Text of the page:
It’s that time of the quarter, again, and I’m expected to write another Editorial. (In truth, Liam will be sending me a scolding reminder e-mail any mene now, but I’m hoping I hit “Send” before he does.) (He actually had 12 hours to spare – L.) But where to start? We have a vast amount of possible topics, not least of which is my recent tradition of featuring specific Dargon authors each month. However, what with the impending Independence Day weekend (for those of us in the United States of America), I feel a more significant theme should emerge. But that would be rather egocentric of an American, wouldn’t it, to impose his or her own celebration of Independence against a former foreign oppressor (who is now one of our greatest allies), while others around the world have no such celebration at this time of year? This would be particularly so, in light of our international representation not only of authors but of readers, who represent a global presence. On the other hand, there are many countries who do have celebrations of independence, whether they are from former great powers, or even minor powers in the world, and several of them celebrate their independence around the same time we Yanks do. (Note: a complete list can be found here: http://en.wikipedia.org/wiki/Independence_Day)
Let me not, then, dedicate this Editorial to the American celebration for independence, but for all countries — and even individuals or groups within countries — who have labored under the yoke of oppression, and have seen their way to fight for their freedom. Most of those fights are bloody. Some excellent few have been peaceful, yet still successful. Martin Luther King, Jr. (for one) was an enigmatic leader who well understood how to protest peacefully, fight against oppression, and win. Mahatma Gandhi was another. But in all cases, and in all times, there comes a moment in history when a group realizes with great clarity that it can no longer stomach the indignity, the humiliation, and the injustice of oppression, and in that time that group must rise up and declare itself unique, unfettered, and willing to fight for equality.
To that end I shall quote directly from the American Declaration of Independence, a passage that strikes to the heart of oppression and speaks not only against insufferable evils, but for the duty to reject those evils, and to establish a form of government in order to secure future happiness for all.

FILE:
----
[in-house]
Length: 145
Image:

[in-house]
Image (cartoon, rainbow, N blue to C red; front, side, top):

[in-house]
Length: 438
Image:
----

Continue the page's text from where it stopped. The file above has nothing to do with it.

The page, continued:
We hold these truths to be self-evident, that all men are created equal, that they are endowed by their Creator with certain unalienable Rights, that among these are Life, Liberty and the pursuit of Happiness. That to secure these rights, Governments are instituted among Men, deriving their just powers from the consent of the governed, That whenever any Form of Government becomes destructive of these ends, it is the Right of the People to alter or to abolish it, and to institute new Government, laying its foundation on such principles and organizing its powers in such form, as to them shall seem most likely to effect their Safety and Happiness.
Prudence, indeed, will dictate that Governments long established should not be changed for light and transient causes; and accordingly all experience hath shewn, that mankind are more disposed to suffer, while evils are sufferable, than to right themselves by abolishing the forms to which they are accustomed. But when a long train of abuses and usurpations, pursuing invariably the same Object evinces a design to reduce them under absolute Despotism, it is their right, it is their duty, to throw off such Government, and to provide new Guards for their future security.
(Declaration of Independence, United States of America, National Archives)
Now … let us continue on to this quarter’s DargonZine, which could not exist without the inalienable right to the Pursuit of Happiness. The two stories gracing our pages this issue are from writers Pam Atchley and Keith English. Recent readers of DargonZine will know Keith’s name by now: he’s been a regular contributor, and featured in my Editorial last issue. His latest work, Sowing Seeds 3, concludes his trilogy. Pam Atchley, on the other hand, may be a new name to some … but she has been a long-time contributor to DargonZine. Pam’s first story graced our pages back in volume thirteen … some fourteen years ago! She took a few years’ hiatus, but has recently rejoined the group, and is working hard to pick up a few of our old drafts that never made it to print. In this issue, Pam has resuscitated a draft by former author Victor Cardoso, brought it back to life, and completed it under a new title, “What Cannot Be Tempered.” We are honored to present both of these stories to you.